There is a lot of conversation within the multifamily real estate development community about the size and layout of unit types. For years, the average size of apartments was trending downward as developers favored density to achieve higher rents per square foot to make deals pencil.
In a post-pandemic world where we anticipate more ‘work from anywhere’ including the home, the chatter is around increasing unit sizes. In my view, it’s not that straightforward. What I look at is affordability, functionality, and designing with a specific end user in mind.
Here are a few of the topics I’m exploring as we work on new development deals:
- The viability/livability of micro units in a post-pandemic world that favors more work-from-home.
- The rise of co-living and how this unit type performs relative to micro units.
- How to maximize the functionality of spaces; built-in furniture, dedicated spaces for home fitness equipment etc.
- Designing spaces like a consumer product with a clear end user in mind and designing amenities that serve as an extension of the living area.
The micro unit type is hotly debated. I generally define micro units as sub-300 SF units. Some are fully-furnished and all bills paid, while others are just small studio spaces. These units provide renters their own space at an affordable price point and tend to perform well in competitive high rent markets. They thrive on the idea that the best amenity is affordability. However, micro units have drawbacks; the unit is for a narrow niche audience and the residents tend to be more transient, leading to higher tenant turnover and increased turn and marketing costs.
Similar to micro units, co-living units thrive on affordability. These unit types may provide renters (typically young professionals) an opportunity to live in newly constructed and highly-amenitized buildings in urban locations at an affordable price point.
Co-living operators will tout the sense of community, but that isn’t the primary selling point…It’s the affordability. However, co-living units do offer conveniences which differentiate them from conventional units (such as micros) and appeal to a niche demographic; they’re typically furnished, offer complimentary cleaning, have free Wi-Fi, utilities are included in the rent, and provide a built-in community.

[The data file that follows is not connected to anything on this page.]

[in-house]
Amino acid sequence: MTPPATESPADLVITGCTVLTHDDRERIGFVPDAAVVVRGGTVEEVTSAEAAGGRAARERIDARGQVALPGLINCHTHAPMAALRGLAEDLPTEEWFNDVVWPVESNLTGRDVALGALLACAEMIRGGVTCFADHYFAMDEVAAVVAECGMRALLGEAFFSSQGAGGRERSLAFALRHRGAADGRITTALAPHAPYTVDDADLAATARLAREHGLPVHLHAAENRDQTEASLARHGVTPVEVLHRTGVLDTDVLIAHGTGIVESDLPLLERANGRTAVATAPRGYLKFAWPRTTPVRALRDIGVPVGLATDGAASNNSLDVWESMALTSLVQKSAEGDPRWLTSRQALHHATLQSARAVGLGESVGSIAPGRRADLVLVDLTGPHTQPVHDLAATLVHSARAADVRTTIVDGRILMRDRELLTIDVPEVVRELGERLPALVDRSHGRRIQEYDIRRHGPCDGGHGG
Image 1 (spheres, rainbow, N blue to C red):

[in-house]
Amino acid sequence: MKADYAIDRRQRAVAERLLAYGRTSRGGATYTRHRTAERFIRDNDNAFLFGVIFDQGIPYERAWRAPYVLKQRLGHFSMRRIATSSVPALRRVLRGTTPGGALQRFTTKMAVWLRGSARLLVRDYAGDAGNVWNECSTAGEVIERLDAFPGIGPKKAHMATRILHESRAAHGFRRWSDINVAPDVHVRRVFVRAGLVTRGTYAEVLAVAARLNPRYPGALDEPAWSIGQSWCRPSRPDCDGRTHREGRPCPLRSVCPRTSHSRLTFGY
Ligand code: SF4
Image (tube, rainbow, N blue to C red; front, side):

Eric Rodriguez, the VP of Operations for Common said it best;
Renters come to our co-living buildings for the lower prices and convenience, and stay for the community.
Built in Multifunctional Furniture
Although a lot of the conversation with unit types is around square footage, I spend a lot of time thinking about functionality and layout of spaces. A smaller unit with an intentional and functional layout will command a higher rent than a larger unit awkwardly designed.
A trend I’m closely following and testing is the use of built-in multifunctional furniture. I recently toured The Smile Building in Harlem which includes select units furnished by Bumblebee Spaces. The bed and storage units com down from the ceiling, greatly improving the functionality of the space. It’s really cool technology. Ori Living and BentoBuild are other interesting players in the space.
Designing to a Specific End User and Amenities as an Extension of the Home
When designing a new multifamily project, it’s critical to design to a specific end user. Dror Poleg said it best in a recent blog post.
“In the future, winning places — cities, offices, residential communities — will be those that are made with “passionate intensity,” with a point of view, with a direct connection to a specific group of people (and no one else).”
Bobby Fijan, an experienced developer, shared a similar sentiment.
I completely agree. When you successfully build a product and community that appeals to a niche tribe, you’ve got something special. However the product is not just the units, it is the amenities as well.
As units have gotten smaller, community amenities have played a more important role. Functional and rentable spaces serve as an extension of the living area. This includes co-working spaces, commercial kitchens, and onsite storage. Functional amenities that appeal to specific lifestyles such pet parks, dog washes, bike rooms, podcasting studios, and maker spaces are the norm. It’s important for amenities to be functional spaces that will be valued and used by residents.
The reality of real estate development is that the unique aspects and unproven design considerations often get value-engineered out. As a result, we end up with a lot of commoditized product with little differentiation and no soul.
What do you think?